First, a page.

The Pathology Of The Processed Food Industry

The Obese Hunger of Famished Psyches

Mass obesity and its morbid health consequences are the economic externalities of the processed food industry. Our fat is their profit, we literally eat up the physiologically and socially destructive costs that make those profits possible. The following article is about a rebellion against the exploitation of the human nourishment cycle by processed food capitalism: reclaim sovereignty over your eating and metabolism!

The Pathology Of The Processed Food Industry
22 February 2013

The following article from the NYT Magazine amply justifies my characterizations of the processed food industry.

The Extraordinary Science of Addictive Junk Food
by MICHAEL MOSS, February 20, 2013

2 thoughts on “The Pathology Of The Processed Food Industry

  1. Mediterranean Diet Shown to Ward Off Heart Attack and Stroke
    The New York Times, February 25, 2013

    From DM’s comment:

    “Growing up in Greece in the 70s, we ate a lot of fresh seasonal greens, vegetables, beans, lentils, and chick peas and fruit, and fish. Meat was more often chicken, pork, goat, and lamb (chicken being more frequent and lamb less). Beef was more exotic in the sense that it was consumed more rarely…We consumed a lot of cheese and fresh yogurt. Most food was produced and consumed locally, it was fresh and full of flavor…Interestingly, with my family in Boston we keep as close as possible to fresh & local food. This means however that we spend a lot more time cooking (as opposed to doing other things) and we pay a premium in food prices.”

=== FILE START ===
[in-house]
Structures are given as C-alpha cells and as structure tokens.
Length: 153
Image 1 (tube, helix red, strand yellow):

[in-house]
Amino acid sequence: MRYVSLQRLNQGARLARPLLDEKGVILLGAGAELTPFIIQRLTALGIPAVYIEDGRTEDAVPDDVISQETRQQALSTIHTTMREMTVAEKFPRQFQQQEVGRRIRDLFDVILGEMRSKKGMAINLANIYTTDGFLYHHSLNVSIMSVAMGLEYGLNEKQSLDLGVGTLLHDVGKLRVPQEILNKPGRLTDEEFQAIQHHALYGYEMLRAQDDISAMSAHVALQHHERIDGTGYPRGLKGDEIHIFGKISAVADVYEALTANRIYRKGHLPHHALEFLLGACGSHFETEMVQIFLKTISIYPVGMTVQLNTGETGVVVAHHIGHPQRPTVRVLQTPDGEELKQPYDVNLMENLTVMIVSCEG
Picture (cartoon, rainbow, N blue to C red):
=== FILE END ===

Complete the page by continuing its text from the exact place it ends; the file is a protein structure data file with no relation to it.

2. Mediterranean diet reduces cardiovascular risk
    By David Brown
    The Washington Post, February 25, 2013

    From the article:

    The “Mediterranean diet,” featuring vegetables, fruits, fish, nuts and olive oil but almost no red meat or sweets, slightly reduces the risk of cardiovascular disease. Most of the effect was seen in a reduction in strokes.

    — and included wine…

    For example, virtually everyone in the Spanish study used olive oil as their main culinary fat, ate less than one serving of red meat a day and had at least one meatless day a week. Two-thirds ate fish three times a week. Almost everyone had less than one soft drink a day, and nearly three-quarters had fewer than two baked sweets a week.

    People in the Mediterranean ­diets were advised to emphasize olive oil, nuts, fresh fruits and vegetables, fatty fish, poultry instead of red meat, a sauce called “sofrito” (made by simmering herbs, garlic, tomatoes and oil together), and red wine with dinner if they drank alcohol.

    People assigned to the control diet [ate]… Lean fish, pasta and bread were recommended, and olive oil, nuts and sofrito were discouraged.

    The Mediterranean diet proved beneficial even though the people on the control diet cut their calories over the five-year experiment. At the end, they were consuming 1,960 calories a day, compared with about 2,200 for those on the Mediterranean diet.

Comments are closed.